Breaking News Emails
Good morning, NBC News readers.
The battle between the White House and House Democrats escalates, moms go undercover to fight fake autism cures and a billionaire’s gift puts a spotlight on the student loan crisis.
Here’s what we’re watching today.
Accountants must hand over Trump financial records, judge rules
President Donald Trump lost one battle and dug in on another one Monday as part of his promise to fight "all the subpoenas" issued by House Democrats.
A federal judge ruled that Trump's accounting firm must turn over his financial records to Congress in order to comply with a request from the House Oversight Committee.
Meantime, the White House instructed its former top lawyer Don McGahn to defy a congressional subpoena and not testify Tuesday.
"The President has directed Mr. McGahn not to appear at the Committee's scheduled hearing" on Tuesday, current White House counsel Pat Cipollone told House Judiciary Chairman Jerrold Nadler, D-N.Y., in a letter.
The move escalates the fight between the White House and Congress over the House Democrats' subpoena power versus executive privilege.
And it comes as key Democrats continue to press Speaker Nancy Pelosi, D-Calif., to move forward with an impeachment inquiry against the president.
DHS levies 'tax' on TSA to come up with border funds
The Department of Homeland Security is requesting $232 million from the Transportation Security Administration to fund border operations in the event that Congress does not agree to fund $1.1 billion of its funding request, according to documents of a contingency plan obtained by NBC News.
The TSA's plan for how it would trim its budget in order to come up with the money includes taking $50 million earmarked for advanced screening equipment and $3 million collected from loose change left in trays at airports.
Cutting funding for the TSA officers who run the security screening lines at airports is also under consideration — and could have a significant impact on wait times for travelers as the summer season begins.
Russian documents reveal desire to sow racial discord — and violence — in the U.S.
Russians who were linked to interference in the 2016 U.S. election discussed plans to stoke unrest and even violence inside the U.S. as recently as 2018, according to documents reviewed by NBC News. The communications laid out a new plot to manipulate and radicalize African-Americans.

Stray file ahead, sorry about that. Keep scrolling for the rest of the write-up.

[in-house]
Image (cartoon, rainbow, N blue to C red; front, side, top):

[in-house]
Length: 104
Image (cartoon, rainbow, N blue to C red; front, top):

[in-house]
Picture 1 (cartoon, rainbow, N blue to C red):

The revelations come as U.S. intelligence agencies have warned of probable Russian meddling in the 2020 election.
“The unfortunate reality is that we’re seeing an adversary that will consider virtually anything to get what it wants, and if it means violence or splitting America along racial lines or eroding our trust in institutions, they’ll do it," said Frank Figliuzzi, a former assistant director of counterintelligence at the FBI and an NBC News contributor.
The far-right has a message for Europe's elite: 'We're coming'
Polls suggest far-right politicians could control as much as 18 percent of the European Parliament after this week's elections.
United by their desire to stop migrants at Europe's external borders, "defend" European culture and identity and recover powers from the European Union for national governments, far-right lawmakers hope to transform the 28-country bloc from within.
Youthful activists and candidates are among the loudest voices clamoring for change.
Moms go undercover to fight fake autism cures in private Facebook groups
Online groups urge parents to poison autistic kids with chlorine dioxide, a form of bleach, to “cure” them.
These moms are infiltrating the groups to fight back — by sending screenshots to local Child Protective Services divisions.
“It really weighs on you, but kids are being abused,” said Melissa Eaton, a single mother in North Carolina, who joins the groups in an effort to shut them down. “I’m not the kind of person who can see something like that and just forget about it.”
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- HUD agreed to provide $5 million for carbon monoxide detectors in public housing after an NBC News investigation revealed the lack of protections for millions of low-income tenants.
- 'Stay on message … there's no Russia': That’s what Trump’s former lawyer Michael Cohen told lawmakers one of the president's attorneys repeatedly told him.
- As 'Game of Thrones' ends, so do some HBO subscriptions.
Quote of the day
"Congress plainly views itself as having sweeping authority to investigate illegal conduct of a president, before and after taking office. This court is not prepared to roll back the tide of history."
— U.S. District Judge Amit Mehta in his decision ordering President Trump's accounting firm to hand over his financial records to Congress.
THINK about it
Trump's foreign policy is all bark, no bite. And adversaries like Iran know it, world affairs columnist Frida Ghitis writes in an opinion piece.
Science + Tech = MACH
Scientists found 414 million pieces of plastic debris on Australia's remote Cocos Islands. That's even worse than it sounds.
One inspiring thing
For Morehouse College graduate Keith Anderson, the surprise announcement by billionaire tech investor Robert F. Smith to pay off his entire class' student-loan debts was nothing short of extraordinary.
"Before graduating, my classmates had been talking about how they will have to carry the debt for the rest of their lives," said Anderson, 21, of Richmond, Virginia. "This is a weight off of everyone's back."
While Smith's promise to eliminate up to $40 million in student loans for Morehouse's nearly 400 graduates is inspiring, student advocacy and consumer groups say the act of generosity also highlights the growing burden on student borrowers who owe close to $1.5 trillion in student loan debt nationwide.
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